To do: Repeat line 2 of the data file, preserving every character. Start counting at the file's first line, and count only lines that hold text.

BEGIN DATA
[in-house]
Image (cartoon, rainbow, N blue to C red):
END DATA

Image (cartoon, rainbow, N blue to C red):